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Share How You Help Our Planet - Text Version


(Note to users: The following is a description of the interactive feature called Share How You and Your Family Help Our Planet . This description explains what users see and can do on the feature, and offers an alternative way for users to share their comments. If you need more information, please contact susan.watanabe@jpl.nasa.gov.)

Page 1: Share How You and Your Family Help Our Planet/See How NASA Is Studying Earth
Four satellites are positioned around a spinning globe of Earth. Users can see recent comments added by the public about how they help Earth. They can also click on a spinning globe to go to the next page. If they roll over the satellites, each has different information:

Satellite 1: NASA satellites keep a close watch on the land that covers parts of Earth. Satellites can detect many changes taking place on and below the ground. This information allows scientists to monitor things like plants and trees and how humans are using the land. They can also collect data on natural hazards, such as volcanoes and earthquakes.

Satellite 2: NASA instruments show that some of the world's ice is melting. As ice on land melts, it adds water to the ocean. This can cause sea level to rise. By monitoring these events, scientists are better prepared for future changes to Earth's ocean and lands.

Satellite 3: NASA satellites track the particles and gases in Earth's atmosphere that make up the air we breathe. They also provide information used to forecast our weather, including big storms such as hurricanes. With this information, scientists can help people affected by storms. Scientists also monitor important changes in Earth's atmosphere and climate.

Satellite 4: The ocean is our planet's largest feature. It affects weather and climate. The ocean is home to many creatures. Humans look to the ocean for food, recreation, transportation and jobs. NASA satellites keep a watchful eye on this natural resource, which is vital to life on Earth.

Page 2: Flat Map of Earth
Users see a map of the world with icons on it. The icons are generated from user comments based geographically on where they help Earth. For instance, a name appears in the state of California. A user can click on the icon to see all approved comments from users in California. Users can also click on a link to see all comments. A link on the page invites users to submit a comment.

Page 3: Submit a Comment
Users have several fields to fill out if they want to share how they help Earth. The fields are:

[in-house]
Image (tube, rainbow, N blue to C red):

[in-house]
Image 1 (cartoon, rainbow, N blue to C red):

First name or school name (no last names will be posted)
Location: Country. If the user is from the United States, they can also select the state they are from.
Comment: Users have a maximum of 300 characters to write their comment about how they help Earth.
How Does NASA Study Earth? Users can select one of the following eight factoids.

1. The Really Big Picture
NASA satellites circle the globe every day. These satellites help scientists understand how Earth works and how our world is changing. This "big picture" view from space provides information to help protect our home planet.

2. Changing Ice
NASA instruments show that much of the world's ice is melting. This is happening mostly in Antarctica and Greenland. The ice may be melting faster than it has in the past. As ice melts and adds water to the ocean, sea level rises. Knowing more about glaciers and ice sheets helps us prepare for future changes.

3. Water World
The ocean covers more than 70 percent of Earth's surface. It has a powerful influence on weather and climate. The ocean supports a great diversity of life. Humans depend on the ocean for things like food, transportation, jobs and leisure activities. NASA satellites keep a close watch over this crucial resource.

4. Earth Moves
Earthquakes, volcanoes and landslides move and shake Earth. NASA satellites keep track of changes in our planet's surface. This information helps us understand how Earth moves. It also helps people who are affected when these natural events happen.

5. Storm Tracker
From space, NASA satellites observe the clouds and winds that form hurricanes and other storms. The satellites help weather forecasters predict the strength and path of hurricanes. NASA satellites also show where rivers are flooding and where droughts occur.

6. The Air We Breathe
NASA satellites measure the important gases in the air we breathe. These satellites track aerosols, dust, smoke and pollution, which move constantly around the globe. From space, satellites can see changes in Earth's ozone hole. This information keeps us aware of natural and human-induced changes that we need to watch.

7. Cloud Cover
Clouds have an important effect on the climate. They trap heat beneath them and reflect the sun's heat away from the planet. Clouds also carry heat and water around Earth. NASA satellites look through clouds and give us a picture of what is happening inside them.

8. Gravity's Pull
NASA instruments measure this important invisible force. Gravity tells scientists how the land on Earth is changing. It also tells them where water is moving in the ocean, underneath the land and in rivers. Gravity also shows where ice on Earth's surface is melting or getting thicker.

Page 3A. How to Submit a Comment
If users do not want to use the flash-based form, they can email education@jpl.nasa.gov and give all the required fields.

Page 4. Print Certificate
The certificate says NASA Salutes You for Helping Earth. The certificate contains the factoid selected by the user. Users are then invited to visit the following NASA sites:

NASA/JPL Education Web Site: Games and resources for students and teachers
http://education.jpl.nasa.gov

Climate Kids: NASA's Eyes on the Earth
http://climate.nasa.gov/kids/

NASA: Missions, education and news
www.nasa.gov